- “His innate humility counters his naked ambition, his earnest sentimentality complements the company’s ironic capering, and the shy reediness of his singing voice strengthens the appeal of lyrics steeled with resolution.” On Kermit the Frog.
- Long-lost Kerouac.
- Long-lost Brontë.
- Long-lost Walt Disney, in pictures.
- The lost art of titles.
- “You better get fitted for a black eyepatch in case one of yours gets gouged out by a bushy-haired stranger in a dimly lit parking lot. How fast can you learn Braille?” Cruel rejection letters.
- Judy Blume: “I would cry when the rejections came in—the first couple of times, anyway—and I would go to sleep feeling down, but I would wake up in the morning optimistic and saying, ‘Well, maybe they didn’t like that one, but wait till they see what I’m going to do next.’”
- Miranda July sets up shop in SoHo.
- Pippa instructs on how to be the perfect party hostess.
- Margaret Atwood draws!
- Obama pushes books!
- Ray Bradbury relents!
The weekend looks rainy, but Doc is prepared, and you can be, too. See the Paris Review founding editor in action this weekend in his daughter Immy’s documentary about his madcap life as a filmmaker, novelist, architect, and Renaissance man. DOC plays at the Anthology Film Archives on Saturday, October 1 at 7:30 P.M. and Sunday, October 2 at 6:00 P.M. and 8:45 P.M. (As a bonus, it will be shown with Don Drasin’s Sunday and excerpts from Humes’s own unfinished Don Peyote.) We’ll be there with t-shirts and other Paris Review goodies.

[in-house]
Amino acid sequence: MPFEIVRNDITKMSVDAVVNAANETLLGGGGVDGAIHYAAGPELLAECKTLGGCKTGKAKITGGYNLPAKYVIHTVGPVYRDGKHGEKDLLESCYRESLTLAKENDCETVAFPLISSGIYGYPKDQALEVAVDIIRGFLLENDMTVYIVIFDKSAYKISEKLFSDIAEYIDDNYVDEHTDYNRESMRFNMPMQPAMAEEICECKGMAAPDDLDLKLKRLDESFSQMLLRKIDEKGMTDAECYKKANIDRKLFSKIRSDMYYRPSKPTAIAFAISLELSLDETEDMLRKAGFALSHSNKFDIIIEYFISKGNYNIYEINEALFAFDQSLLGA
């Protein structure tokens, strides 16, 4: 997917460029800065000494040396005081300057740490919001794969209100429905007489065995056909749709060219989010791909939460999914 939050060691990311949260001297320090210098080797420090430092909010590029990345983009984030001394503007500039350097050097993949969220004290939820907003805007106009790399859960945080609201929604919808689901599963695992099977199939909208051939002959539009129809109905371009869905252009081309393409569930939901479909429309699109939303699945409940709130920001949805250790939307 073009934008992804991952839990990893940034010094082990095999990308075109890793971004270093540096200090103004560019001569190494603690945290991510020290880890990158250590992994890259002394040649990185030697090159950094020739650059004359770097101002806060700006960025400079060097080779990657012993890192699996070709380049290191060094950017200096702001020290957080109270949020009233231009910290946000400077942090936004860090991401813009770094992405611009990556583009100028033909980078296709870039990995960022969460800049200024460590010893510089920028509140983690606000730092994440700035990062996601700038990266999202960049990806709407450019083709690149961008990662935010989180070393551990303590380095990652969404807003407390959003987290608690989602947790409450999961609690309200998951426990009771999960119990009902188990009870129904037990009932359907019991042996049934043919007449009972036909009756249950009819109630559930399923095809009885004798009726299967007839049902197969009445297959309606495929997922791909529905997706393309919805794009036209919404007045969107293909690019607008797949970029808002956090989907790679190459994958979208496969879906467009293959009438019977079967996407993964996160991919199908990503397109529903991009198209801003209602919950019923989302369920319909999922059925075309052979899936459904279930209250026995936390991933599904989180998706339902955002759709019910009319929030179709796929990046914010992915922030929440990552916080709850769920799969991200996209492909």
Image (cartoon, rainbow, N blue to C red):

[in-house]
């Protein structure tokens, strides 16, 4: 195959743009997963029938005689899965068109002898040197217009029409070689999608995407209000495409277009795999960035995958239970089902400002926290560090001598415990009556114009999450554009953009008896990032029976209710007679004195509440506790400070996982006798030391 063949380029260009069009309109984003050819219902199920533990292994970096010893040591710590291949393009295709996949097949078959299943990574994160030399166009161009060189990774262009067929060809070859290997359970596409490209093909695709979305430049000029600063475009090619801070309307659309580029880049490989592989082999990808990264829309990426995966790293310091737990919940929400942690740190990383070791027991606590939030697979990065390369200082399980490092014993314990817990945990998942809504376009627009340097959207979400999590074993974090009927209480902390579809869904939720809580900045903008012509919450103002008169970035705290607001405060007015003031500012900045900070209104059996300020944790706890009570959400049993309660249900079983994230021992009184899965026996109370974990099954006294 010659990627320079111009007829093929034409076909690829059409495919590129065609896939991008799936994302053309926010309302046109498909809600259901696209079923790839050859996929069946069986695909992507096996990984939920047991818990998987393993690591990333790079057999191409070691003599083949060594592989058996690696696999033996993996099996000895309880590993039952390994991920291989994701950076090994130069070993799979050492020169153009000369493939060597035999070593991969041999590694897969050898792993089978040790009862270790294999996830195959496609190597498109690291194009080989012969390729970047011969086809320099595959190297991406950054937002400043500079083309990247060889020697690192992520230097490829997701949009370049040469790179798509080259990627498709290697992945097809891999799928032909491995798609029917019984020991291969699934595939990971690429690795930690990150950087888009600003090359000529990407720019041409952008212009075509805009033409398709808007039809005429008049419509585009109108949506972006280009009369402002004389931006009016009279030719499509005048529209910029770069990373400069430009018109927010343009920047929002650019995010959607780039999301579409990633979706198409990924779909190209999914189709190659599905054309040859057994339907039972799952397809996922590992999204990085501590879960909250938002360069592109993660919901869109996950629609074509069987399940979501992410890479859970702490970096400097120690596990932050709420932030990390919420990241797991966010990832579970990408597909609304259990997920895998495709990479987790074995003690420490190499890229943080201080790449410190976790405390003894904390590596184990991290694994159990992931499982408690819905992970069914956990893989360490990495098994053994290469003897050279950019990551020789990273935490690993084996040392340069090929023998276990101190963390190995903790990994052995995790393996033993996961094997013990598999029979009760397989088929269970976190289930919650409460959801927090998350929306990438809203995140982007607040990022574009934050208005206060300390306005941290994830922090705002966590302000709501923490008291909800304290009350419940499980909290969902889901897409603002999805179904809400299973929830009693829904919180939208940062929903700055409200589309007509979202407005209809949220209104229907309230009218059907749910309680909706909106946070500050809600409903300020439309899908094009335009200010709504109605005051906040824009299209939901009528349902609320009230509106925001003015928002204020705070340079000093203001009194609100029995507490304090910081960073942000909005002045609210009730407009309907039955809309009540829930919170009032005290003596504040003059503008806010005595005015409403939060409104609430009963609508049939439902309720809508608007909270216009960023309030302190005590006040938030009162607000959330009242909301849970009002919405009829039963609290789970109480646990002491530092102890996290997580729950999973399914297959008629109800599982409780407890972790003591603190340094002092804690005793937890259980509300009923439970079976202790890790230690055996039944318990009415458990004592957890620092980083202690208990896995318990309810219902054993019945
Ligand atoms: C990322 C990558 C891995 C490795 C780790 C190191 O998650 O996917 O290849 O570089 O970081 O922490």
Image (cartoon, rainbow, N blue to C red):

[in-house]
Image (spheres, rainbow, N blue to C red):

A reminder that we hope to see you all tomorrow night at Fontana’s Bar for our Fall Issue launch. The party will start at 8:15 P.M.: advance copies of the issue, live music from the Dog House Band, and all of us decked out in our finest. Don’t miss it.
“If you want to be famous,” photographer Miroslav Tichý once said, “you must do something more badly than anybody in the entire world.” Born in 1926 in Czechoslovakia, Tichý spent decades taking voyeuristic photographs of women bathing. His subjects are caught unawares, often through fences or peepholes, in an erotically isolated moment. The pictures are spotted, blurred, crooked, scratched, and underexposed—done, by any conventional standards, “badly.” These flaws of execution are surpassed only by the crudeness of Tichý’s cameras, which were made with materials such as shoeboxes, tin cans, toilet-paper rolls, sandpaper, and toothpaste.
Tichý the man was equally disheveled. A ragged town eccentric, he had been trained as a classical painter but quit the academy after the Communist takeover forced artists to focus on socialist subjects. He remained, however, a diligent practitioner of the arts. He took three rolls of film a day, printed each negative only once, and embellished the prints with homemade frames. The results amount to a clever commentary on the state; his disguised cameras and the atmosphere of surveillance in his work subtly allude to the surveillance of the society at large. But the furtive pictures are also beautiful. They recall the scratched bodies of Degas’s bathers; they presage the soft focus of Richter. Their imperfection imprints them with the personal. As Tichý himself said, “A mistake. That’s what makes the poetry.” Read More